Racism, rather than Ronaldo and Ribery, dominates Euro 2012 storylines
The families of England's Alex Oxlade-Chamberlain, left, and Theo Walcott will not be attending Euro 2012 for fear of racism.
June 7th, 2012
03:09 PM ET

Racism, rather than Ronaldo and Ribery, dominates Euro 2012 storylines

The UEFA European Football Championship is second only to the World Cup in size and prestige, and it's equally rich in storylines. But right now, one storyline seems to overwhelm all others.

The story today is not whether Portugal's Cristiano Ronaldo can shake his reputation as Europe's Lebron James, a man who wows fans all season only to choke in big games. Nor is the story about whether defending champion Spain can defend the title without two of its biggest stars. It's also not about how Franck Ribery and the French squad can rebound from an embarrassing, soap opera-esque campaign in the 2010 World Cup.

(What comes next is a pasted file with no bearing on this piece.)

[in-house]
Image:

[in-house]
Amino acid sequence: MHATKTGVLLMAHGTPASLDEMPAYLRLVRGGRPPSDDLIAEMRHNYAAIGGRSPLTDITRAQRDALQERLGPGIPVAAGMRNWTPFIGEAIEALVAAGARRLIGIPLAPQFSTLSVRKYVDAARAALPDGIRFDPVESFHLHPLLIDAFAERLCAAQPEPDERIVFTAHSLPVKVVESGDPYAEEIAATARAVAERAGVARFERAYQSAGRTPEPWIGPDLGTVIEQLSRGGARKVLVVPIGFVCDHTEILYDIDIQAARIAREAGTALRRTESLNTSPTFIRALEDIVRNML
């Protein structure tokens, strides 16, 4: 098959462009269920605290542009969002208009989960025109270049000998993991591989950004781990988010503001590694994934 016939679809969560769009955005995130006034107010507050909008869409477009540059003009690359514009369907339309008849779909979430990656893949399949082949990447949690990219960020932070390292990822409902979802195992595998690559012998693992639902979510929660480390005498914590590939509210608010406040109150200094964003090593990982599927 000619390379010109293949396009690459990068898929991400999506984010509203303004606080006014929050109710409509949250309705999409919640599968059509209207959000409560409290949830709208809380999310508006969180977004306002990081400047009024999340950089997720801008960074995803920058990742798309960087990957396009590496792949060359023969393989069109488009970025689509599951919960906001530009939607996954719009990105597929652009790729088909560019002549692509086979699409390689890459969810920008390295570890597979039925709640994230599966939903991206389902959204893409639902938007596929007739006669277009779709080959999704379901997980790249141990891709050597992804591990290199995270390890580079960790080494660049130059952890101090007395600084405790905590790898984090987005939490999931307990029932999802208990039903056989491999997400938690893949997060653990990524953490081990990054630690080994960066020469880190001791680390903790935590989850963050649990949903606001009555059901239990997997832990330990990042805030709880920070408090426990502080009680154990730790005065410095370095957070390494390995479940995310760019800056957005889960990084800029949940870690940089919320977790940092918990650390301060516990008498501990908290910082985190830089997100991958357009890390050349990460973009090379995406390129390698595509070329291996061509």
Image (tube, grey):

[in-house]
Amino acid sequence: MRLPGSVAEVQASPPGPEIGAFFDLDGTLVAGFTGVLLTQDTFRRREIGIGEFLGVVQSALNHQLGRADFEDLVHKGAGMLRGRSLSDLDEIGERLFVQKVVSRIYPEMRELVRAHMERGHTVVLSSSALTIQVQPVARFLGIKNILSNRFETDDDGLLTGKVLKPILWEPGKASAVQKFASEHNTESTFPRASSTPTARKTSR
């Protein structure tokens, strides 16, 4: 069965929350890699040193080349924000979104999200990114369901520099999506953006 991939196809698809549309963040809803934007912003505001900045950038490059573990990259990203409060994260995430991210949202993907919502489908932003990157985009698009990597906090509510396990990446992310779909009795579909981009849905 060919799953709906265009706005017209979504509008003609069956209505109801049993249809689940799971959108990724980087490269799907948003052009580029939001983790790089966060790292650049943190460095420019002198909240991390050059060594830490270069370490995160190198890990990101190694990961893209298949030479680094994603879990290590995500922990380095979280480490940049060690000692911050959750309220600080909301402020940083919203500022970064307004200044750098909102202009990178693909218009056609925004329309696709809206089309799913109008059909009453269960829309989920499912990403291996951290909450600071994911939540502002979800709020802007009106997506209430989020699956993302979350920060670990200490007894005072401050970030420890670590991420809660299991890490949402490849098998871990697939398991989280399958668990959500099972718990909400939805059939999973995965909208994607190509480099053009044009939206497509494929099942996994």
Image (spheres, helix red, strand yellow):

Heck, the media aren't even paying that much attention to German coach Joachim Low's promise to break world soccer protocol by allowing his team to smoke, drink booze and have sex during the tournament. That would normally be prime tabloid fodder.

Nope, the story today is about racism, especially within the stadiums of Poland and Ukraine, which are jointly hosting the Euro 2012 tournament beginning Friday. The day before the competition began, the Dutch national team opted to train on the opposite side of its training ground at Stadion Miejski in Warsaw because of racist chants, Dutch captain Mark van Bommel said Thursday.

And while a recent BBC investigation showed several instances of bigotry and racism at club games there - some of them violent - Polish and Ukrainian officials are insisting their countries have been misrepresented.

"There is a problem with racism and anti-Semitism in Poland, but it is blown out of every possible proportion in this material," Marcin Bosacki, Polish Foreign Ministry spokesman, said of the BBC documentary. "We are hospitable and treat all people who come here as friends."